• ½ tsp granulated onion

Instructions
 

Directions

  • Saute onions over medium-high heat in a large saute pan with 1 tbsp cooking fat. Once translucent, add in riced cauliflower, shredded chicken, and diced tomatoes.
  • Add in spices and saute for 10-15 minutes to allow flavors to meld and the cauli rice to cook. 
  • Preheat the oven to 350° Fahrenheit. 
  • Pour the enchilada sauce into a container large enough to dip the tortillas in. Once the chicken mix is done cooking, dip a tortilla into the enchilada sauce on both sides.
  • Fill the tortilla with the chicken mix, roll up and place in a large rectangular glass baking dish. Continue filling up tortillas until you run out of filling or room in the dish. 
  • Pour the remaining enchilada sauce on top the enchiladas and break apart and sprinkle the cotija cheese on the enchiladas. 
  • Cook for 15 minutes. Remove from oven and serve. Top with optional toppings: Siete traditional red hot sauce, cilantro, and avocado. 

Shredding the Chicken

  • Handmixer: add cooked chicken to a large bowl and turn on the mixer at a low speed. This will shred the chicken – voila! Caution – hot chicken bits might fly about your kitchen.
  • Stand mixer: using the paddle attachment, add cooked chicken to the stand mixer and turn on low. Increase the speed only 1-2 levels. This will also shred the kitchen EASY PEASY. Caution – hot chicken bits might fly about your kitchen.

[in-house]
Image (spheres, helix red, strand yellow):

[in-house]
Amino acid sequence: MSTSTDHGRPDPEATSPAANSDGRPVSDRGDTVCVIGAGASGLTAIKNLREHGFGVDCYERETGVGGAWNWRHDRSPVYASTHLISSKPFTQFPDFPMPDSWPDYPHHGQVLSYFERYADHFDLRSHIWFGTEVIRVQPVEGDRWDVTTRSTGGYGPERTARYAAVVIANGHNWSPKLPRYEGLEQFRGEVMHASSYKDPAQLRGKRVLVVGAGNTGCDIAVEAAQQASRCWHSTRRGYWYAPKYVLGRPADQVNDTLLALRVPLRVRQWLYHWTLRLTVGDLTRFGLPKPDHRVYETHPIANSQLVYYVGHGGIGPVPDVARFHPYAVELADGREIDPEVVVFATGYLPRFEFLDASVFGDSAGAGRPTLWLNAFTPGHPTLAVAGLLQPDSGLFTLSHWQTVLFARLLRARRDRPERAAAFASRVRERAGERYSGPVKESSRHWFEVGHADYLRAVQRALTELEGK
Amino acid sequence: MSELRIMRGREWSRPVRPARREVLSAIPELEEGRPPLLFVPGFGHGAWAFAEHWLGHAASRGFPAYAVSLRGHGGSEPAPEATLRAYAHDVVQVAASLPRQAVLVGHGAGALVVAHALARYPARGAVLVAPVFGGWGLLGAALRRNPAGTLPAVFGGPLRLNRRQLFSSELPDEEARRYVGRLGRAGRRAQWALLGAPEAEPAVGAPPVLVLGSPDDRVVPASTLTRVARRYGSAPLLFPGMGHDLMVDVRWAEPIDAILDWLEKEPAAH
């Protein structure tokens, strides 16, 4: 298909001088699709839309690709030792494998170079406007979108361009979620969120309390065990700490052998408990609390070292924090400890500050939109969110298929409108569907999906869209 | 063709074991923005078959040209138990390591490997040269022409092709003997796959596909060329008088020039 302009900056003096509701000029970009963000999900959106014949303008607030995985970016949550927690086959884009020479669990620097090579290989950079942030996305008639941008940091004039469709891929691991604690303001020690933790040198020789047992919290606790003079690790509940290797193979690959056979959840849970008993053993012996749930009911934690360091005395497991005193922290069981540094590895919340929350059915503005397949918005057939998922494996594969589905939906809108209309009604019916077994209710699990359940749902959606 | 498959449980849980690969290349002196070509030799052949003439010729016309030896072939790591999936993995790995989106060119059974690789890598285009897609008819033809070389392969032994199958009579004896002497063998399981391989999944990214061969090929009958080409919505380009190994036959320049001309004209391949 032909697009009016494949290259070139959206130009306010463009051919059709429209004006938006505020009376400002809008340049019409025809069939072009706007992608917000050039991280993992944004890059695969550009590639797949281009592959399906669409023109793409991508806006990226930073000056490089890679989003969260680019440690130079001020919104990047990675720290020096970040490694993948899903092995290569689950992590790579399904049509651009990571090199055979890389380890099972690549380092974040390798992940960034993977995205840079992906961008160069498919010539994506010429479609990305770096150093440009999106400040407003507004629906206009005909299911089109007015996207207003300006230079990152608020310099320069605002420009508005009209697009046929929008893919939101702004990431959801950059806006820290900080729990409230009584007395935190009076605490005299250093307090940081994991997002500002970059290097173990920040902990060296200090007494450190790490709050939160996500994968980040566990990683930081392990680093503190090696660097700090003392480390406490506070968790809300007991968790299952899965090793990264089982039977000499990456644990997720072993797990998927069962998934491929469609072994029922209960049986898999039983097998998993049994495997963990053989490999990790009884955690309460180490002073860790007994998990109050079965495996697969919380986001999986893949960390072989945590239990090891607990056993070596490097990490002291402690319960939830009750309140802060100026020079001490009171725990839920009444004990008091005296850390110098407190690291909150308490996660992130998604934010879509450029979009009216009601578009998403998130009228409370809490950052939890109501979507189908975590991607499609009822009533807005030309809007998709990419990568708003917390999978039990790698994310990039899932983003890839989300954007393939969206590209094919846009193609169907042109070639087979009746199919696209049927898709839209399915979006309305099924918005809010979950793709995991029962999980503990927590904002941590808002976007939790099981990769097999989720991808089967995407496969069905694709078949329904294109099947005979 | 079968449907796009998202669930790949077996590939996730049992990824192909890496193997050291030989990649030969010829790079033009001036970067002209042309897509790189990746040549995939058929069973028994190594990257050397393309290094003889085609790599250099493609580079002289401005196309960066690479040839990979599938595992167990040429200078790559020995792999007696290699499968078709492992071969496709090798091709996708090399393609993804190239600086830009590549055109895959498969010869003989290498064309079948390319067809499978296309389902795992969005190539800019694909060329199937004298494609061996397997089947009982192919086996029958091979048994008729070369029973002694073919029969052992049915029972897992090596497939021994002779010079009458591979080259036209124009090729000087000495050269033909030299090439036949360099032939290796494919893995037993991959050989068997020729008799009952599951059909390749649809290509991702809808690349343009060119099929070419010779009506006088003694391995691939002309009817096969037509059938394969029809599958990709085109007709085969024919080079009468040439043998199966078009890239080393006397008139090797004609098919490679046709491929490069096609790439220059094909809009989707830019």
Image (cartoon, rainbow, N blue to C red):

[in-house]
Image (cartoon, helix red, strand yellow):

Keyword casserole, chicken, chicken enchiladas, paleo

Pancake Charcuterie

2020 Mother’s Day Pancake Charcuterie Board

In keeping with the spirit of charcuterie boards, there is no one way to charcuterie! Add what appeals to you and your guests, but here is what we included in ours:

ProteinBrunchy CarbsFruitsToppings
BaconGluten Free pancakesStrawberriesHazelnut & Chocolate spread
SausageGluten Free pancake cerealBlueberriesJam
Deviled Eggs
(not picutred)
Waffles
(accidentally left at home!
ApricotsSyrup
Coffee cakePecan butter

Recipes for the pancakes, the pancake cereal, and the coffee cake came from The New Best Recipe cookbook using Cup for Cup gluten free flour.

Pancake Charcuterie Board complete with Pancake cereal. This is all the rage on Instagram!

Tomatero Farm Box Soup